As mainland immigration and law enforcement officials begin working within their designated area at the West Kowloon Station, ahead of the launch of the cross-border express rail service later this month, among the topics have come in for heated discussion among Hongkongers is this: will Hong Kong be forced to bear the meal expenses of the mainland officials serving at the rail terminus here?
Under the so-called co-location arrangement for the Guangzhou-Shenzhen-Hong Kong Express Rail Link (XRL), hundreds of customs, immigration and quarantine officials from China are being stationed at the West Kowloon Station, the Hong Kong end of the cross-border high-speed rail link.
With the XRL co-location ordinance taking effect on Tuesday, a specified area within the rail terminus has formally passed into the control of mainland China, and the Chinese officials have begun taking up duties as they prepare for the Sept. 23 opening of the new rail link.
MTR Corporation, which is responsible for construction of the Hong Kong section of the link, had indicated that meal expenses for some estimated 700 mainland officers stationed at the West Kowloon Station could amount to more than HK$100 million per year.
The estimate was based on the calculation that each officer has three meals a day, with each meal entailing an expense of up to HK$100 per person.
MTR officials have revealed earlier that a total of about 3,000 meal boxes have to be prepared each day, the Hong Kong Economic Journal reports.
The mainland side would, however, only give each of the officers a six-yuan allowance per meal, MTR sources said, suggesting that the Hong Kong rail operator may be forced to assume the lion’s share of the cost.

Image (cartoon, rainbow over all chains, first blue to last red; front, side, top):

After learning about the situation from media on Monday, many Hong Kong netizens slammed the railway operator, raising questions as to why the company has to bear the meal expenses out of its pocket for officers who are not from Hong Kong.
Late in the evening Monday, an MTR spokesperson sought to dispel the worries, saying the mainland side would pay for their officers’ meals, which would be prepared in Hong Kong and delivered to them every day.
The rail operator is sorry if its comments earlier had created some misunderstanding on the issue, the spokesperson said.
According to MTR, catering services for the mainland officers had been requested by relevant mainland authorities. Suppliers will be selected through a tender process, and mainland entities in Hong Kong will be responsible for costs of the services once they accept and confirm the tender result and the price.
It is believed that bidding has ended and that MTR is currently reviewing the received tenders.
Still, MTR failed to specify in detail how much the price will be, and whether mainland entities will pay the full cost in relation to the meal supply or seek to pass on some of the burden to the Hong Kong rail operator.
As for why a restaurant was not put in place at the West Kowloon Station to save all the trouble of delivering meal boxes, the spokesperson said it was a decision made after taking multiple factors into consideration, such fire safety of underground floors, ventilation and pollution discharge systems, and technical and design restrictions.
Asked for her views on the high-cost meals for rail station personnel, Priscilla Leung Mei-fun, a lawmaker who represents the pro-establishment Business and Professionals Alliance for Hong Kong, said the co-location officers deserve HK$100 meal boxes since they have to work underground and shoulder a lot of stress.
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